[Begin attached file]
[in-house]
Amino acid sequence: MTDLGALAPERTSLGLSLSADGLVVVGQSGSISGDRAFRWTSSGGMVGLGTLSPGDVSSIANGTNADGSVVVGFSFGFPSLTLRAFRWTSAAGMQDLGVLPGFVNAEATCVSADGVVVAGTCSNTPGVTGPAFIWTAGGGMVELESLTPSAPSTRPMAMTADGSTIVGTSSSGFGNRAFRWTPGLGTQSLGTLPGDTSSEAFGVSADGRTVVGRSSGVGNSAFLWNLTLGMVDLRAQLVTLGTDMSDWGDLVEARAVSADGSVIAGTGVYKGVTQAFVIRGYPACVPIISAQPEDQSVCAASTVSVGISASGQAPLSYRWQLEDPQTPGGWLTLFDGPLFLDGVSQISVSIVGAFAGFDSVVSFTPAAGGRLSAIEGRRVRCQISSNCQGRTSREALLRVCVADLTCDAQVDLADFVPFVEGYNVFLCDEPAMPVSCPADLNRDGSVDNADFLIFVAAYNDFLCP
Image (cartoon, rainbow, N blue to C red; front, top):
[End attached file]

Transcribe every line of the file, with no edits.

[in-house]
Amino acid sequence: MTDLGALAPERTSLGLSLSADGLVVVGQSGSISGDRAFRWTSSGGMVGLGTLSPGDVSSIANGTNADGSVVVGFSFGFPSLTLRAFRWTSAAGMQDLGVLPGFVNAEATCVSADGVVVAGTCSNTPGVTGPAFIWTAGGGMVELESLTPSAPSTRPMAMTADGSTIVGTSSSGFGNRAFRWTPGLGTQSLGTLPGDTSSEAFGVSADGRTVVGRSSGVGNSAFLWNLTLGMVDLRAQLVTLGTDMSDWGDLVEARAVSADGSVIAGTGVYKGVTQAFVIRGYPACVPIISAQPEDQSVCAASTVSVGISASGQAPLSYRWQLEDPQTPGGWLTLFDGPLFLDGVSQISVSIVGAFAGFDSVVSFTPAAGGRLSAIEGRRVRCQISSNCQGRTSREALLRVCVADLTCDAQVDLADFVPFVEGYNVFLCDEPAMPVSCPADLNRDGSVDNADFLIFVAAYNDFLCP
Image (cartoon, rainbow, N blue to C red; front, top):